56 internautes sur 60 ont trouvé ce commentaire utile
- Publié sur Amazon.com
After trying pretty much anything and everything to get my son trained, over the course of years(!), I consulted a child psychologist, who recommended this book. My son was a normal kid, not overly or especially stubborn, but he just did not care if he was wet or dirty. At age 4 and him still untrained, I was desperate.
I got the book, read through it quickly. Read it again. And again. Tested my son with the readiness tests. He did great with physical readiness (duh...he was 4!), but cooperatively, he didn't pass. So we spent a few weeks using the techniques in the book to enhance cooperation until he consistently passed that readiness test.
I blocked off a weekend to do the training. It was going to work. It had to work. I won't say I was the best at following the instructions, but after a gruelling, longest-weekend-of-my-life weekend, he was trained. He had some accidents afterward, but they were few and far between. Other than at night, we never went back to diapers.
The book suggests that nighttime dryness often follows shortly after daytime dryness, but with my son, it took some years still. As he gained dexterity, we added doing laundry to the natural consequence of night time wetness, and that probably solve the problem better than anything. He got very tired of doing laundry at 6am. (I always helped and never scolded, but made it clear that since it was his body and his sheets, he was responsible for both. To me, this method is all about shifting responsibility for toileting from the parent to the child.)
Anyway, he's 14 now. It's been 10 years and I still hail this book as the only method that worked after trying pretty much everything else. When he was 9, his little sister was born, and I never got a chance to try this book out on her. She loved going potty and figured it out during the introduction stage, where we were just letting her get to know what pottying was about. She was daytime dry within weeks and is now night time dry (she's not quite 5 now).
I think my big tips with this book are:
* Take it with a grain of salt. Try to understand the concepts behind the instructions, and adapt them to your child. Yes, it's not "modern", but there is a lot of wisdom to be had. You will have to edit as you read. Just make sure you work at understanding the point of each suggestion. I used very wated down juice and straight water because that's what my son liked. I didn't like what soda did to his cooperation level, so I didn't include it. That sort of thing. I also reduced the practice repetition to two or three times instead of 10. I couldn't find a peeing doll, so I made do with a regular one and sprinkled the accident. I never yelled NO, but understood the point to be distraction, not shaming. He didn't like having to change out of his clothes himself, but did very well with positive reinforcement for the little victories -- putting his hands on his waistband, pulling down, stepping out. I also didn't use a potty chair. I used a stepstool with a regular toilet figuring that potty chairs would not be available anywhere but at home.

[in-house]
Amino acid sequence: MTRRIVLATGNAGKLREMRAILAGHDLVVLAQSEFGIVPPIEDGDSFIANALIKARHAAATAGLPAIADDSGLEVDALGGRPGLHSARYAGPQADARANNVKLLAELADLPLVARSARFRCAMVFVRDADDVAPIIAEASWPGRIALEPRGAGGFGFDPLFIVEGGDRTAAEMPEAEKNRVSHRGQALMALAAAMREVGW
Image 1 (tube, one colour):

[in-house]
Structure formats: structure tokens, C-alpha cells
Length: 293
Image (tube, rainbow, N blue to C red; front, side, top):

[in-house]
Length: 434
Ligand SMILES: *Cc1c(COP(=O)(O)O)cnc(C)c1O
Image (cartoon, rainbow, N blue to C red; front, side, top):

* Don't take the readiness tests lightly. Make sure your child can pass them consistently. Not just once, but multiple times over a period of time. You want to make sure the kid is really ready. I like what one of the other reviewers did -- she spent weeks preceding "priming" the child by talking about pottying, reading related books, and watching related videos.
* Remember that EASY is not part of the title. It may be fast, but it isn't easy.
* Remember that this too shall pass. I had a horrible time with my son, but when I was tempted to give in to frustration and scream, I reminded myself that he would not be in diapers when he was 18. I was certain he would figure it out before then. For some reason, this gave me more patience for the moment, I could smile and take a deep breath and have another go.
As this book pre-dates automatic-flush toilets, it has no solution for children who become afraid of them. My daughter was terrified of them after one flushed while she was still going. To fix this, I began putting my hand over the sensor of such toilets while she went. This keeps it from flushing and puts me close enough to her that she isn't scared. I'm petite, so I can still do this in regular stalls, but larger women may need to use the handicapped stall to make this work.
Overall, I recommend the book highly, but caution that if, after reading it, you're not comfortable with the method in theory, then definitely don't attempt it. Use something that better suits your family values.